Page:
Homeschooling was not something I thought about until... until my son was in 1st grade and things started to nag at me.
Things like preschool teachers coming to my home and telling me in front of my son that he would never be a "star" student, the same teachers who told me he could not zip his jacket or tie his shoes. The same jacket and shoes I had him zip and tie everyday before heading to school. They told me he didn't climb the stairs correctly, never mind that I had taught him a certain way so that he would be less likely to fall down the 30 or so stair steps he climbed every day several times a day at home. The same teachers that put a 4 year old boy on one side of a large classroom while the rest of the class played on the other side in clear view, and expected him to take a "test" of skills and pay clear attention only to them.
Things like the kindergarten teacher - we took our son to meet her the day before school actually started. On our way home my son was telling me he thought it looked fun except - except that the teacher hugged him. I explained to him that if he did not want hugs he didn't have to hug, and next time to stick out his hand so she could shake it. I took him to school the next day and knowing the teacher meant well but might not catch his signal I told her that he was uncomfortable with her hugging him and our solution. Instead of understanding that he might just be a bit shy, she turned to me and said "well in my experience, it's the kids who don't want the hugs that need them most." WOW, what a slap! I told her to shake his hand until he indicated it was ok to hug, assured her that he would eventually as he was a pretty affectionate kid and left it at that.
Then we had first grade. In first grade they told me he could not read well enough, wanted to put him in title one reading. Ok, I thought, it'll get him extra help in reading how could that possibly be a bad thing? Throughout the year, I noticed him more and more reluctant to read, that was backwards. When we went in for parent teacher conference we had a few discussions that didn't go well. The first was about the reading. They were not taking him out of normal reading time for the title one reading. They would take him out of computer time, or math time, and while the teacher was teaching phonics the title one teacher was using whole word reading. This first grade boy was mixing the rules (imagine that) and getting scolded for it. By the time the year was over, he would not read for me at all.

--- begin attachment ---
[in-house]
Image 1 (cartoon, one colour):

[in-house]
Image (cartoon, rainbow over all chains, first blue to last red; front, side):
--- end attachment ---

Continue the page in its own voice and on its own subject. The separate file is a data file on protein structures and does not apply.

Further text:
Also in first grade, they decided on some diversity training at the school. Ok, I figured they would also keep it appropriate to the grade levels. Unfortunately, their idea of appropriate for first grade was much different than mine and that became abundantly clear when our son came home with that weeks button on his chest. "It's ok to be gay." I understand the public school thoughts on diversity and their thoughts on it's necessity, but first grade? That was too much information way too soon. After all it was earlier in that year that I had to explain to him that "no, just because the little first grade girl and the little second grade boy had kissed, did not mean they had sex." How on earth was I going to explain to him what his button meant?